By Jeb Barzen
On Dec. 6, 59 eagles were counted through 28 hours of volunteer effort by Ferry Bluff Eagle Council volunteers. Two weeks later, on Dec. 20, 90 eagles were counted through 30 hours of volunteer effort. That is a good start to our eagle winter season.
For the Dec. 6 count, most eagles were distributed downriver at the Lone Rock Roost. The weather was mild, which reduces the probability that eagles will use a traditional roost. Instead, often eagles perch and roost over night near where they were last feeding. By Dec. 20, we counted 45 percent more eagles and those birds were distributed further upstream (at Black Hawk and Ferry Bluff Roosts) while also continuing to use the primary downstream roost at Lone Rock.
Counting 90 eagles by mid-December provides hope for a good eagle season as that total is near our winter maximum count for the last six years. It was still warm for the Dec. 20 count, so we likely failed to count eagles that didn’t fly into roost, leading to an under-estimation of the eagles currently occupying our area. If there are good numbers of shad in the river, we might get large numbers of eagles using the Lower Wisconsin River winter area.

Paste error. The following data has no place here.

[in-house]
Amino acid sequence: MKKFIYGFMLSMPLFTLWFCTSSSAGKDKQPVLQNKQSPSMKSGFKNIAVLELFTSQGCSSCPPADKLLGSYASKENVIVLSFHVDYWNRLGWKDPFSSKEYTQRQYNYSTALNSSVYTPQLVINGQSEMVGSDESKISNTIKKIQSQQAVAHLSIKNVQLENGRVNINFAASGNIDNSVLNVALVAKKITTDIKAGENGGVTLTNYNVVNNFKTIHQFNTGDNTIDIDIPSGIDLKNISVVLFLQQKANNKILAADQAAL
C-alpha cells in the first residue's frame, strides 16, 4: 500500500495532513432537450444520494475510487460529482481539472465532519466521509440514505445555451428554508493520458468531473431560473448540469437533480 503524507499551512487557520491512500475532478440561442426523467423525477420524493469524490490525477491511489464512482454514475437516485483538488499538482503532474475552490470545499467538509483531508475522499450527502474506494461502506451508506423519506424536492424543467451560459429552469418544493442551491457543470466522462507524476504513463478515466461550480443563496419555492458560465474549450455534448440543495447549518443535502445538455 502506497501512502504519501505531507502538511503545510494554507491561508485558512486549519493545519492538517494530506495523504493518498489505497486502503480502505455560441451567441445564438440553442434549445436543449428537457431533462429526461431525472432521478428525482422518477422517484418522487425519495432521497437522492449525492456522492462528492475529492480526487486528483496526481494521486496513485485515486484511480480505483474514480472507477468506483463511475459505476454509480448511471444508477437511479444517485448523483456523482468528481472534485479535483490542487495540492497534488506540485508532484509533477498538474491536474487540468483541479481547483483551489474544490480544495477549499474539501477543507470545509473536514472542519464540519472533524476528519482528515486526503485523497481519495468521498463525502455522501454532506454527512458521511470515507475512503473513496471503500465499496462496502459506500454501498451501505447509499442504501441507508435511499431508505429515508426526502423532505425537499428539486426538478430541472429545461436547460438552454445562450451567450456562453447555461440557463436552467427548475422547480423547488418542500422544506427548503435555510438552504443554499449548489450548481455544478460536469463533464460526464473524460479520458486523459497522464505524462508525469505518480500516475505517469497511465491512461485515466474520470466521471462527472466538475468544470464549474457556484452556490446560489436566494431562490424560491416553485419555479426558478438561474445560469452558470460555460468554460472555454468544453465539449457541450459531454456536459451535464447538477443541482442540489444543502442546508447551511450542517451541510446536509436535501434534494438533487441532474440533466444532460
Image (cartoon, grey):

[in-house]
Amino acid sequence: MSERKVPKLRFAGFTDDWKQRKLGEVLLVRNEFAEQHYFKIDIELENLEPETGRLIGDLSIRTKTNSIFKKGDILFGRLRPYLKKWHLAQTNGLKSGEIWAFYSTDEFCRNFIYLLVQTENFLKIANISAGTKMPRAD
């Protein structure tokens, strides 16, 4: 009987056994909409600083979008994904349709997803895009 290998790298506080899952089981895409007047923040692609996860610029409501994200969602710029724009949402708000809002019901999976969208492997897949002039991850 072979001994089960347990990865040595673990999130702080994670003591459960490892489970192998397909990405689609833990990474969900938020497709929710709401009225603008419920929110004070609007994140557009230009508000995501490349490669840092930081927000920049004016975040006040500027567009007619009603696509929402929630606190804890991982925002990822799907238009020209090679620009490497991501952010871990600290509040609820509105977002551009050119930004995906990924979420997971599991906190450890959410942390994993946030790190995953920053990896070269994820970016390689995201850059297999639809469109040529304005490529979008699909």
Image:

Anne Lacy, who counted at Leland, watched two adult eagles from a nest chase a third eagle out of the roosting area. As with last year, we have two roosts that now contain eagle nests in them (Ferry Bluff and Leland) and territoriality is being expressed at least late in the winter season and perhaps early in the winter season. No aggressive encounters between territorial and non-territorial eagles were noted at Ferry Bluff on Dec. 20, the only count day where we could observe the roost itself. Generally, if large numbers of eagles do winter here, it will be interesting to see if that territoriality is maintained to mid-February.
Jeb Barzen is president of the Ferry Bluff Eagle Council, ferrybluffeaglecouncil.org.